Weak Tibialis Posterior muscle leads to…



Tibialis posterior - 1.4 - BP3DIf your Tibialis Posterior (TP) is weak, what kinds of performance and health issues can you get?  It’s a major factor for foot pronation, plantar fascitis, achilles tendonitis, shin splints, knee pains and lots more.  Let’s look at TP anatomy, actions, measurement methods along with the implications weak TP strength can have on your athletic performance and health.

Anatomy – The TP muscle is located in the back of your calf region.  The top of the muscle attaches to the top and back of the tibia and fibula bones as well as the tough membrane that lies between them.  The muscle runs down the back of the calf, connects to its’ long tendon which runs behind the medial ankle.  From there, the tendon continues around the mid foot at about the peak of the long foot arch.  There it breaks up into many smaller tendons which attach to the bottom of most of the bones in the mid foot.

Action – The main action of this muscle will be to flex your foot to the bottom (plantar flexion) and twist the forefoot medially (inversion).  The quick way to refer to this motion is that it twists your foot down & in.  This is one of the key ‘stabilizing’ muscles of the foot.  In addition to twisting your foot down and in, the TP is also one of the primary muscles holding up the long arch of the foot.

Diagnosis – Weakness in the TP can be determined with manual muscle strength testing, careful observation of ankle movement during walking, running and at rest, long arch height measurements and other tests. Supporting information can be gained through a careful history as well as physical examination for neurological, vascular and orthopedic signs.  Detailed measurement of TP ranges of motion and muscle strength are available with specialized equipment when required for insurance purposes, research or in advanced cases.

Functional Implications – When the TP muscle is weak, you will not have the strength you should when a) moving the forefoot down & in, b) your ankle will be unstable and c) there will be some degree of difficulty holding up your long arch (excessive foot pronation) when the foot is put under more stress than the muscle can handle.  In more advanced weaknesses, the foot will be unable to hold the long arch up during even mild stress such as weight bearing.  With extreme or prolonged weakness, the long arch may become permanently deformed to the flat position (flat footed) even without weight bearing.

Performance Issues (Arch) – Difficulty in holding up the long arch will have implications in a very large number of sports.  Any athlete involved in sports which include running will suffer to some degree.  If the long foot arch is fully collapsed, shock absorption will be reduced (depending on what type of foot strike you use).  Speed will be lost as the forefoot cannot contribute as effectively in the toe off phase.

Performance Issues (Knee) – When the ankle pronates, the long arch collapses medially.  If you stand and look at your knee while you pronate your foot, you will see that this motion also results in the knee deviating medially (towards ‘knock kneed’). This stretches the medial collateral ligament and strains one of the thigh adductor muscles (the gracilis).

Athletes in sports that require high power outputs in the legs (such as weight lifting and high jumping), with weak TPs, may notice that their knees ‘give out’ or ‘buckle’ medially when under high stress.  When joints buckle outside of their normal ranges of movement, reflexes are initiated which severely restrict continued muscle contraction.  A weak TP can effectively become the weak link which limits your athletic performance.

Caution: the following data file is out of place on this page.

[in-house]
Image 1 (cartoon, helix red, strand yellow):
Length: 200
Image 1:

Athletic Performance Issues (Down & In) – Sports that use the motion of twisting the foot down and in will suffer when this muscle is weak.  Kicking a soccer ball in a forward / diagonal direction is a clear example.  While the main power behind the kicking is due to the larger thigh muscles, additional power is also derived from the TP to give you the extra power needed to advance you to the next level of athletic performance.  Perhaps more important than the extra power, will be the degree of ball control that is lost in kicking because the forefoot cannot maintain a reliably stable kicking surface.

Sports with jumping that include a lateral motion like basketball or volleyball will also suffer.  Athletes who need agility with strong lateral movement will be aided by the TP to evade their competitors as in football.

Injury Susceptibility – In addition to performance degradation, athletes with weak TPs will be susceptible to increased rates of injury due to ankle and knee instability.  Medial to lateral movement of the foot may be increased with each step.  This will result in a few complications, including:

  • Stretching the ankle ligaments that help maintain joint integrity against ankle sprains
  • The achilles tendon will experience excessive movement at the ankle joint leading to potential achilles tendonitis
  • The knee deviates medially each time the foot pronates.  This leads to stretching of the medial collateral ligament of the knee, knee instability and a wide range of secondary issues.

Chronic Weakness – People who experience weak TP issues for many years are putting their feet and knees through excessive wear and tear that can eventually lead to cartilage damage, osteoarthritis and potential for surgery.

By Dr. John Wallman, DC